Is Larry Drew a clutch player? Would you have truthfully answered yes before today? I don't think I would have. This is a guy who Roy had to take out of a close game trying to protect a lead after Drew missed free throw after free throw. Larry Drew, however, is now, officially, clutch.
Do you realize what he did? With limited time on the clock, Larry Drew drove right on the best shot blocker in the history of college basketball, a man who obliterated Shaq's old SEC single season shot blocking record. He took it right into the teeth of a guy who had nastily and, with extreme prejudice, blocked four shots already. He did this, knowing that Jarvis Varnado usually averages FIVE blocked shots a game and was patiently preparing to leap into the air and knock that ball into the upper deck and the game into overtime. Larry Drew, a man who barely ever finishes at the rim, who almost always prefers the pass to the shot, who prefers the long shot to the acrobatic drive and finish, who gets nerves so bad that he can't seem to hit free throws when the game is on the line, was going right at Varnado.
The arc of the layup was so high. A left-hander. Off the glass, and, miraculously, in.
Now, is Drew anymore clutch after the shot than he was before it? After Dean Smith won his first National Championship, he famously turned to Roy and said, "I'm not that much better a coach now than I was two and a half hours ago." Larry Drew remains Larry Drew, but let's appreciate the sheer audacity of his play, the ballsy moxie that won us a game that we could have very well lost.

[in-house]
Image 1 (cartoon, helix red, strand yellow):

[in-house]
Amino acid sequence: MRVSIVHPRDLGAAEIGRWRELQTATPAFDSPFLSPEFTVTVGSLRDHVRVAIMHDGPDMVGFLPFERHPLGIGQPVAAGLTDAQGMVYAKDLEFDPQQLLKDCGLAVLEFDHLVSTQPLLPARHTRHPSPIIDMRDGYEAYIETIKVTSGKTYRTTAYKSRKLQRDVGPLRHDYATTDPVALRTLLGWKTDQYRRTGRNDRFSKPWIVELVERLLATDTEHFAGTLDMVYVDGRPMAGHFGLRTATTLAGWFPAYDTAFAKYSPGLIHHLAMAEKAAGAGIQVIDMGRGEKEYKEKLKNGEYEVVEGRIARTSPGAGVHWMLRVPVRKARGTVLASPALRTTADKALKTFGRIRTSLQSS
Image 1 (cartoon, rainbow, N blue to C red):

This was a tough game.
In terms of offensive efficiency, this game was almost the converse of how we played against William and Mary: No one was all that efficient except for Will Graves. Will was sensational, and really, everyone else played pretty well enough. As a team, UNC shot 48.5% from the field, which is, all things considered, fairly blistering. Unfortunately, we only made one three pointer outside of Graves, and shot a measly ten free throws (Mississippi State kept with its rare fouling policy, as opposed to William and Mary who abruptly abandoned it). The point being that, while we didn't play great, we played well-enough. Hopefully we'll make that leap from well-enough to great pretty soon, but for now, well-enough is all I ask.
John Henson was dominant in the first half with ten points, seven rebounds, two blocks, and two steals including some nasty throw-downs and clever post moves. Trying to play him on the perimeter was a clever idea, born of our abundance of post players and the belief that Henson was too skinny to be effective. It was a nice experiment, but let's be honest: It failed and based on a shaky premise. Right now, having seen how Henson plays down low, it feels like a sin that we haven't been playing him down low all year. How many extra games do we win if we had let him play at his natural power forward position all along? It seems like at least one or two. I feel pretty good watching him get better and better every game.
Oh, Dexter Strickland played really well too. His hyperspace drives give me Ty Lawson flashbacks in the absolute best way.